South Africa and Nigeria, two of Africa’s leading economies, face potential setbacks to their economic growth as they have been graylisted by the global anti-money laundering and terrorism financing watchdog, Financial Action Task Force (FATF). FATF, based in Paris, issued the warning during a difficult financial phase for both countries. While each country is dealing with its own unique challenges, a common denominator for their economic downturns is stagnated growth.
When FATF graylists a country, it increases monitoring of that country. It’s the step that comes before blacklisting: like getting a yellow card in football. It mounts pressure on both countries to address the underlying issues of organized crime, illicit finance, counterfeit trade, and tax evasion. It also requires them to improve their ability to fight financial crime.
Moreover, graylisting exposes the country to increased scrutiny by investors and financial institutions globally. As a result, portfolio and investment inflows are expected to shrink, making it difficult for the country to acquire lending or investment. South African news outlet, News24, reports that this status also increases the risk category for all South African (and Nigerian) clients in many international financial institutions, particularly those in the EU and UK.
The cost implications of the move by the FATF could be dire, given that both nations are ill-prepared for more economic shocks in future.
Consider South Africa for instance. Its once-bright economic prospects are now in a perilous state. The country faces the daunting reality of a recession this year, with analysts attributing the downturn to one chief culprit: the incessant power blackouts that plague the nation. The impact of this dark scourge is not insignificant, as it could cost South Africa’s economy a staggering $13 billion in losses this year alone.
And now, as if that weren’t enough, the nation is poised to enter the graylist, which can hike up the cost of doing business within its borders. This classification can also bring complications for those looking to move funds overseas or transact with foreign banks and financial institutions.
The ensuing decline in foreign direct investment, higher interest rates, and greater cost of capital access would also cause reputational damage to the country, increased bureaucratic hurdles for investors, and a notable net loss of 7.68% of capital flows relative to GDP.
As if that weren’t enough, these challenges put pressure on ordinary citizens who are already grappling with the rising cost of living in a country whose economic growth has slowed down significantly in recent years. The COVID-19 pandemic dealt a severe blow to South Africa’s economy, which is yet to fully recover from the 2008/2009 recession. While the government has taken steps to alleviate the situation, the stubborn after-effects of the pandemic persist, threatening to drive the country further into the economic doldrums.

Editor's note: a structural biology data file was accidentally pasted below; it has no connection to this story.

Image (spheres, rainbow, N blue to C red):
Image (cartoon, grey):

Meanwhile, Nigeria is also struggling with economic woes. The country just concluded its presidential elections, but a dire economic situation has cast a pall over the proceedings. Shortages of cash, along with fears that the transition of power could worsen the crisis, have prompted grave concerns. The Naira, Nigeria’s currency, has been on a downward spiral for years, precipitating an economic crisis that continues to impede the country’s growth. Rising inflation and the soaring cost of living have also caused a mass exodus of its citizens, exacerbating an already dire situation.
Complicating matters further, Nigeria’s central bank governor, Godfrey Emefiele, has been accused of corruption and terrorism financing. In 2019, he failed to account for the loss of over $2.5 billion from Nigeria’s treasury, which was meant to be used to procure arms. Despite the scandal, President Buhari reappointed Emefiele as governor. These and other incidents have led to concerns that Nigeria may soon be blacklisted by global financial organizations, including the Financial Action Task Force (FATF).
The anti-money laundering watchdog has already placed both Nigeria and South Africa on its graylist, which includes other African countries such as South Sudan, the Democratic Republic of Congo, Mozambique, Uganda, Tanzania, Mali, Senegal, and Burkina Faso. FATF’s decision is a grim harbinger of things to come, as it typically takes two to five years for countries on the graylist to address the issues and deficiencies that landed them there in the first place. The impact of these challenges cannot be overstated, as the UN estimates that Africa has lost over $1 trillion in illicit financial flows over the past five decades.